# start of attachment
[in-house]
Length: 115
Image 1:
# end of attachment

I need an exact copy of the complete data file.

[in-house]
Length: 115
Image 1: